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Being Michael Rosen

Michael Rosen (MA Children's Literature, 1993) is a celebrated children's author, broadcaster, lecturer, and holder of the Children's Laureate title, 2007-2009. To date, he has written over 140 books.   

It is a gloriously hot day in London when I meet Michael at the Royal Festival Hall; a place where he feels very much at home having lived in London all his life. Growing up with his parents and brother in Harrow, Michael’s love for literature was born.

‘Both of my parents were teachers and have had a huge influence on my life and work. To say that they were keen readers is a massive understatement! They were totally engaged in lots of literature in all its forms. Even in the last hours of his life, my Dad was still saying to me: ‘‘You know I really think you ought to read…..’’ And despite me telling him that he had other things to worry about, he’d remain insistent; still supervising my education in his ninetieth year!’

‘From childhood, I always had an idea that I wanted to get involved in writing, but I don’t think I had the sense that I could write as a profession. I always wanted to be an actor.’

Interestingly, when he was 18, Michael began to study medicine- an experience he prefers to refer to as ‘a little diversion’. ‘I got it into my head that to be a serious person, you have to do something slightly less frivolous than writing, and it took me three or four years to get this out of my system.’

After a period of working at the BBC and a few publications later, Michael was drawn into the children’s books world, and his first book, Mind your own Business, was published in 1974.

Keeping in touch with what children find scary or intriguing comes easily to Michael. Considering that some of his latest poems ponder broccoli growing under the armpits, and how frightening public toilet hand dryers are, I ask how he retains this curious mindset when he is writing.

‘As we have all been children, there is a level at which you can imagine being a child-it is not impossible. In fact, it is quite easy. Part of it is helped by having young children. I tell them things which I have to explain it in a way they will get it.’

Michael lights up when he talks about his children, and amusingly recounts their feelings on his work.

‘My five-year-old will plead with me to read ‘‘the one about the…’’, but if we are on holiday and I haven’t got that particular book with me then he doesn’t understand why I don’t know it. As he has seen me reciting my work on YouTube, he thinks I know them all off by heart- but I can’t explain how autocue works to a five-year-old! The irony is that his Dad ends up saying ‘‘No, you can’t have a Michael Rosen poem!’’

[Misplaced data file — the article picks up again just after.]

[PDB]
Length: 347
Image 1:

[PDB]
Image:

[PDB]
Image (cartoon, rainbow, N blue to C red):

‘I even get a critical analysis from my children. The other day, my daughter told me the poem Chocolate Cake was boring- I said that’s because you’ve heard it twenty times!’

Just over ten years ago, Michael’s personal life was marked by tragedy, when his eighteen-year-old son Eddie died of meningitis. A few years later, Michael channelled his anguish into Sad Book, a poignant text which mourns the loss of Eddie. Sad Book reaches out to children- and adults- facing some of the darkest issues we, as humans, have to deal with, and voices the emotions that are often unspeakable in day-to-day life. With a patient grace that signals he is used to being asked about this, Michael explains what prompted him to write about his own personal grief.

‘It was partly triggered by the fact that children kept asking me about Eddie, because I used to write about him as a little boy in my work. Then I would have to say ‘‘he died’’. Then I thought wouldn’t it be a good idea if they could access that in the same way that they’ve accessed the funny stories I’ve written about Eddie? So it came out of a moment about five or so years ago just, as it were, imagining a child in front of me and explaining to them where I am now in relation to Eddie.

‘While I tend not to do readings of Sad Book, children, teachers and counsellors will talk about it with me. In fact, one boy in a school last week just stopped me in the doorway, put his thumbs up, and said Sad Book. Now, whether he had experienced grief in his family or he just wanted to acknowledge that he had read it and thought it was a good book, I don’t know.’